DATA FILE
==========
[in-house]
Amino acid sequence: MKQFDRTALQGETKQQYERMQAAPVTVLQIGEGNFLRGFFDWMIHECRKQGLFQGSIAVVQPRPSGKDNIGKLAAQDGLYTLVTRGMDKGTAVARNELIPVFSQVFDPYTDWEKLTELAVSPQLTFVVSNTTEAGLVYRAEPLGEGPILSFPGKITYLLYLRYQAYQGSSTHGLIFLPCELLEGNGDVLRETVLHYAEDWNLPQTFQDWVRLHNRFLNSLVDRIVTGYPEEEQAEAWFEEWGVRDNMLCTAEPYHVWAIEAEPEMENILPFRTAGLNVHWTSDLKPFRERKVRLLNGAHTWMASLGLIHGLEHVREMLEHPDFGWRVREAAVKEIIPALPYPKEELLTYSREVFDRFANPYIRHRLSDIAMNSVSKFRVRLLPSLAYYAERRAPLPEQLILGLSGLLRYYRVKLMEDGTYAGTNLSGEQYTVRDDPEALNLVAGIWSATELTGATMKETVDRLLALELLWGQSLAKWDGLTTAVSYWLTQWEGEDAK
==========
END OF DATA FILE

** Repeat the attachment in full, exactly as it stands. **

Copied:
[in-house]
Amino acid sequence: MKQFDRTALQGETKQQYERMQAAPVTVLQIGEGNFLRGFFDWMIHECRKQGLFQGSIAVVQPRPSGKDNIGKLAAQDGLYTLVTRGMDKGTAVARNELIPVFSQVFDPYTDWEKLTELAVSPQLTFVVSNTTEAGLVYRAEPLGEGPILSFPGKITYLLYLRYQAYQGSSTHGLIFLPCELLEGNGDVLRETVLHYAEDWNLPQTFQDWVRLHNRFLNSLVDRIVTGYPEEEQAEAWFEEWGVRDNMLCTAEPYHVWAIEAEPEMENILPFRTAGLNVHWTSDLKPFRERKVRLLNGAHTWMASLGLIHGLEHVREMLEHPDFGWRVREAAVKEIIPALPYPKEELLTYSREVFDRFANPYIRHRLSDIAMNSVSKFRVRLLPSLAYYAERRAPLPEQLILGLSGLLRYYRVKLMEDGTYAGTNLSGEQYTVRDDPEALNLVAGIWSATELTGATMKETVDRLLALELLWGQSLAKWDGLTTAVSYWLTQWEGEDAK